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City, county boards compare strategies on tax referendum

June 20th, 2012 10:20 pm by Jennifer Sprouse

City, county boards compare strategies on tax referendum

The Washington County and Johnson City boards of education met at Columbus Powell Center Wednesday night to discuss promotion strategies and problems concerning the quarter-cent sales tax increase referendum that is scheduled to be voted on in the Aug. 3 election.
Washington County Director of School Ronald Dykes and Johnson City board Chairwoman Kathy Hall gave power point presentations detailing their promotion initiatives and goals they plan to show to the public, community groups and civic organizations.
Some of Dykes’ presentation included background information on what the school systems have been doing, accountability, why there is a need for further resources, explained the funding issues and the desperate need for an increase in funding, as well as the rational behind the referendum.
If approved, taxpayers would pay an additional 25 cents for every $100 they spend. He said the increase would generate $4 million, which would the equivalent of 16 cents in the property tax rate.
Dykes said he feels the approach of presenting power points to county leaders, organizations and clubs is an effective use of promotion for this referendum.
“It seems to be effective,” he said. “There are individual questions often asked, but there’s a positive air in the community.”
Hall’s power point for Johnson City Schools focused more on the tax increase, but stressed city school officials have sought out support and continue to touch base with other organizations within the community.
She explained that the Greeneville, Greene County, Carter County and Elizabethton school systems have been functioning with a 2.75 percent sales tax rate in the local option sales tax. The local option sales tax for Johnson City and Washington County is 2.5 percent.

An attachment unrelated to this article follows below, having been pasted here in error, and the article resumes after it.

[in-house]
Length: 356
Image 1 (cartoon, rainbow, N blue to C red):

Hall said the need for increased funding comes from an increase in costs from other state mandates.
“We went through a major educational reform in Tennessee, which is a good thing, but it also came with a lot of unfunded mandates which raises our expenses,” Hall said.
Both boards, as well as education association members, offered suggestions on how they could better reach their target audiences.
Some of the suggestions included using social media to reach teachers and parents, soliciting the help of their PTAs and PTOs to rally in favor of the referendum, as well as seek out those who would be affected should this not pass in the August election.
“I think to garner the support of the citizenry, you’re going to have to show that need, without question, in the long range,” Dykes said. “We have to show that connection and try to teach that concept one more time, that there’s a direct relation between economic development, lower tax base and more jobs if we have a stronger education system.”
Other strategies included writing letters to the editor of area newspapers and seeking a positive push from local media.
Both boards decided to stick with their separate ideas and strategies on promoting the referendum, but will have another joint meeting on July 17 at 5:30 p.m. in the Columbus Powell Center to discuss progress and other initiatives.

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